From the press release: From the moment he is handed a possibility of making the first alien contact, Saunders Maxwell decides he will do it, even if doing so takes him through hell and back.
In preparation for the only planned full scale static fire engine test of the core first stage of the SLS rocket, NASA engineers have successfully completed a tank test to failure on a back-up oxygen tank.
The tank was filled with water to simulate the oxygen, and cracked as expected at the predicted pressure and at the predicted weld. A short 11-second video of the moment of failure test is embedded below the fold.
This test illustrates the methods by which NASA works. Unlike SpaceX, which is doing similar tests at the very beginning of its Starship design stage to best improve their design, NASA does this testing at the very end of construction, to prove that what they have built will work. The former method in the long run is less risky and faster, as SpaceX quickly finds out what works and doesn’t and builds accordingly.
The latter method is more risky because it depends on complex computer models, which can always be wrong. It also is more expensive in that it requires NASA to build its rockets with large margins of error, just in case those models are wrong. Finally, it appears to take longer to build, because of those required large margins of error. Your rocket or spaceship needs almost to be “gold-plated” to make sure it will work, when completed, since you really can’t test it in the design phase and build it more efficiently based on those tests.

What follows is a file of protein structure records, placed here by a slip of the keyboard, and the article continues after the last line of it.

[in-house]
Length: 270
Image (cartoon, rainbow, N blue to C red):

Every July, to celebrate the anniversary of the start of Behind the Black in 2010, I hold a month-long fund-raising campaign to make it possible for me to continue my work here for another year.
This year's fund-raising drive however is more significant in that it is also the 10th anniversary of this website's founding. It is hard to believe, but I have been doing this for a full decade, during which I have written more than 22,000 posts, of which more than 1,000 were essays and almost 2,600 were evening pauses.
This year's fund drive is also more important because of the growing intolerance of free speech and dissent in American culture. Increasingly people who don't like what they read are blatantly acting to blackball sites like mine. I have tried to insulate myself from this tyrannical effort by not depending on Google advertising or cross-posts Facebook or Twitter. Though this prevents them from having a hold on me, it also acts to limit my exposure.
Therefore, I hope you will please consider donating to Behind the Black, by giving either a one-time contribution or a regular subscription, as outlined in the tip jar below. Your support will allow me to continue covering science and culture as I have for the past twenty years, independent and free from any outside influence.
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